It’s no secret that Union Station is one of the most beautiful historic buildings left in Indianapolis. It just celebrated its 130th anniversary on September 17. And while it’s been well covered on our site and elsewhere, I wanted to take a closer look at the entrance.
If you want to revisit our primer, you can check out the History of Union Station I and II here.
I’ve always been curious about the original entrance of the building–though it is no longer used as one.
It’s unfortunate that Illinois Street was made into a one-way northbound thoroughfare, as it robs people of the opportunity to drive towards the north face of Union Station, marveling at the tall clock tower of the “Head House” on the northwest corner. Facing Jackson Place, the former entrance of the building is no longer used much. And that is unfortunate. The interior is breathtaking from any vantage point, but imagine the awe of walking through the front entrance into the five-story high cavernous space.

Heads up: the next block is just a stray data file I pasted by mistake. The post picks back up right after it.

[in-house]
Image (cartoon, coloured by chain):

While Union Station did not have any sort of canopy to shield people from weather elements when it was first built, during a 1913 remodeling, one was added: “An attractive marquise, 17 feet wide, 48 feet long at the main entrance will extend 12 feet beyond the curb line.”
$120,000 was authorized for the remodel job and in addition to the “marquise,” other modifications were changing the women’s waiting room and lunch room into more space for a general lobby. The telegraph office, station masters office and stairway leading to the balcony on the south end of the lobby were all being removed from the first floor.
Two additional doors were being added to either side of the main entrance to the concourse. The cigar counter in the lunch room was going to be traded out for newsstand space.
All the building east of the main lobby was to be used for dining room and kitchen purposes. Eleven ticket windows were being added where the ticket office, barber shop and lavatories were originally. And the “main floor” was to be laid throughout with new tile.
In the fall of 1941, when Jackson Place was widened into a divided lane thoroughfare, the entrance was greatly altered. The ornate 1913 design was replaced with something more simple, streamlined and “30 feet wider.”
Of course, there have been other renovations through the years, most particularly in the 1980s before the short-lived, but much loved “Festival Marketplace” debuted in 1986. Indianapolis is so lucky the “head house” is still standing. Events in the space always have an air of magic, or at the very least, nostalgia and wonder.